Release Date: August 27
Platforms available on: PC, PS3, PS4 (2014)
Developer: Square Enix
Publisher: Square Enix
Square Enix has a lot of fences to mend with Final Fantasy XIV: A Realm Reborn considering the game was a broken mess when it originally launched in 2010.
The studio has quite sensibly stripped the MMORPG down to its foundations and rebuilt it from the ground up, with a shiny new graphics engine, revamped gameplay and an improved server structure among the new additions.
Merely being functional makes it superior to its predecessor right off the bat, but Final Fantasy XIV: A Realm Reborn is more than just a grovelling apology. It's an enthralling and beautiful game in its own right.
Although the dramatic overhauls represent a giant leap for Final Fantasy XIV, it will feel familiar to anyone well schooled in the MMO genre, and some of the traditional mechanics it peddles feel somewhat tired.
However, we still had an absolute blast casting spells, levelling up, embarking on quests, and simply wandering around the world of Eorzea, an expansive playing field that simply begs exploration.
Character creation is your first port of call and the customisation options are deep, if a bit cumbersome.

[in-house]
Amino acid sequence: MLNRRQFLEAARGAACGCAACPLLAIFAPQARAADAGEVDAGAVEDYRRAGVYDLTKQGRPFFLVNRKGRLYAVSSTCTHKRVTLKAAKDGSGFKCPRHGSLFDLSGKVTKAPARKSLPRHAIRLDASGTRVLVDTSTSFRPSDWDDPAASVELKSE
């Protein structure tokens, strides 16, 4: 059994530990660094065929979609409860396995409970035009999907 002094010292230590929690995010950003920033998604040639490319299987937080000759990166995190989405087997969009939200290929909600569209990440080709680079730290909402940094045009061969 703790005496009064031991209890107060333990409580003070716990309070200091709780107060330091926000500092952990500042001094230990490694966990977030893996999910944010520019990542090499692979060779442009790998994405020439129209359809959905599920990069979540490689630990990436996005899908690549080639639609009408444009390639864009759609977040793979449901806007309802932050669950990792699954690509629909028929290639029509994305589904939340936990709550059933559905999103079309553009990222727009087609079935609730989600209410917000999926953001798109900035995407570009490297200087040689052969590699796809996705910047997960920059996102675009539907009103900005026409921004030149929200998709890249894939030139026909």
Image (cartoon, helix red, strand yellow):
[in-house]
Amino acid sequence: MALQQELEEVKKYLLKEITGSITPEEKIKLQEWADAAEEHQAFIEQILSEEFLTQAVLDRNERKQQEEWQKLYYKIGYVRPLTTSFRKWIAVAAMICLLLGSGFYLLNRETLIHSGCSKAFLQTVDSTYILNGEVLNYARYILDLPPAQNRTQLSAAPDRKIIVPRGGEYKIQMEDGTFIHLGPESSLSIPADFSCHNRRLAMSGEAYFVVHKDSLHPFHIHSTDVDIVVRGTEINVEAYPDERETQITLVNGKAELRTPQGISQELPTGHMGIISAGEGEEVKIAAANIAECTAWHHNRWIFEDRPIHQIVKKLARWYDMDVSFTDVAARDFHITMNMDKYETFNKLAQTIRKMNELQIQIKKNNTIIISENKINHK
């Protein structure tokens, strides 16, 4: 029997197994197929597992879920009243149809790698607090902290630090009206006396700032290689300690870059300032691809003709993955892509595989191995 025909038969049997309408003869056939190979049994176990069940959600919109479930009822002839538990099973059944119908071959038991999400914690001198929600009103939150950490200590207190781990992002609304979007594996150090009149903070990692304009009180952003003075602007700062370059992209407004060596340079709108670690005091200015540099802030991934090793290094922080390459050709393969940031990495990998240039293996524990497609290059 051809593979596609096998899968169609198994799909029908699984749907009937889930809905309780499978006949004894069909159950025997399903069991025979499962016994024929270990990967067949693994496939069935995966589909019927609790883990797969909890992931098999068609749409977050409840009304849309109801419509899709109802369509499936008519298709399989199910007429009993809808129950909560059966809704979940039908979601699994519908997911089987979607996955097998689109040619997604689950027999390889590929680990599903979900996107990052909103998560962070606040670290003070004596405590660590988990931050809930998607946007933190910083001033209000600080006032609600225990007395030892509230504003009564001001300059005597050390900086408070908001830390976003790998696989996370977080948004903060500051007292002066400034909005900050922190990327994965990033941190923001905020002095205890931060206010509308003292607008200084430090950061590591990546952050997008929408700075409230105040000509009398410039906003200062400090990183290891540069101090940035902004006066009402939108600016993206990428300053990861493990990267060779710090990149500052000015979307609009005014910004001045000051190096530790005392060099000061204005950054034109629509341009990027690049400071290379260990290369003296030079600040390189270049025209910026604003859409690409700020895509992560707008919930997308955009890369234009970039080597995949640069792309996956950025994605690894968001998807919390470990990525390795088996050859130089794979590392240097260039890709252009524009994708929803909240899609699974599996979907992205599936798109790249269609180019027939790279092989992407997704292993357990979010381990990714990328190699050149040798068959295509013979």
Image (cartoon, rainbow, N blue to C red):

- Merely being functional makes it superior to its predecessor right off the bat, but Final Fantasy XIV: A Realm Reborn is more than just a grovelling apology. It's an enthralling and beautiful game in its own right.
In typical MMO fashion, Final Fantasy XIV: A Realm Reborn plants your newly-created character in a starter zone filled with tutorial quests to bring you up to speed with the core gameplay.
The game doesn't take long to open up, and when it does, players will marvel at the level of choice on offer.
There's an overarching story which tells the kind of good vs evil tale that has become synonymous with Final Fantasy over the years, but the aim of the game is simply to become as powerful as possible, and there are a variety of ways to accumulate XP points.
There are your standard World of Warcraft-style quests that involve retrieving items, killing specific enemies or defeating dungeons, group missions called Guildhests, and even Guild Wars 2-inspired public quests called FATES.